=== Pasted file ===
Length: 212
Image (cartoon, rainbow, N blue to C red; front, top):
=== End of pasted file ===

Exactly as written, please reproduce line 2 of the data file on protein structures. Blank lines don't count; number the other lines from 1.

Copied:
Image (cartoon, rainbow, N blue to C red; front, top):